Role reversals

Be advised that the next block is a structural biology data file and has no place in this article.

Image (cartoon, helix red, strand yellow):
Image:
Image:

On the treadmill the other day, the Martins’ “Heaven’s Child” cycled through my iPod and I caught for the first time something I had missed before: the interesting role reversal described by the chorus: “Joseph wept with wonder / as Mary sweetly smiled / because she knew this was Heaven’s Child.” I like this very much, especially the play on “wonder,” because it turns our typical assumptions about Mary (demurring and divinely pliant, maybe even a little simple) and Joseph (good guy but a little dense) on their head. Imagine the emotional imbalance that would have actually existed between two people in a relationship like that if one half had been singled out for divine revelation and immaculate conception while the other was left to … well … wonder. As scripture tells it, Mary had had time to “ponder all these things in her heart,” to come to terms with having been swept up in the downright baffling means to this particular eternal end. By the time of Christ’s birth, as the song imagines it, Mary’s contemplation gave way to a serene calm, born not so much of knowing (because I don’t think it’s sacrilege to propose that even the most faithful handmaiden of the Lord might doubt her sanity if she had just all at once been visited by an angel and made the living vessel for the Christchild), but perhaps of accepting (she had so much to accept, after all, for things turned out for Mary - as the first verse reminds us - not at all like she had imagined in the “prophecies of old”). It’s too bad that centuries of fetishizing the Virgin Mary have depleted much of the humanness of the story of Christ’s birth. Protestants haven’t done much better either. It’s pretty hard to get at the mysterious encounter between the human and divine when so often it’s dressed up in old terrycloth dish towels and threadbare dressing gowns and tinsel-trimmed angel’s wings of kindergarten Christmas pageants - pageants that for all their earnestness tend to have an inevitably cheapening effect. Don’t worry. I’m not so curmudgeonly as to advocate doing away with Christmas plays. They’re fine for what they are: religiously acceptable ways of making Christmas about us even in church, just like it is everywhere else. But they’re also part of a Christmas machine within religious culture that prefers its Marys and Josephs to be as one-dimensional as the wooden sheep and cardboard donkeys. Mary meek and mild. Joseph stolidly faithful. Easy enough. Now may I open my presents? Sure, but maybe after that, listen to Joyce Martin breathe something like the breath of new life into the image of the nativity, and Mary’s sweet shining smile of acceptance and Joseph’s weeping wonder.

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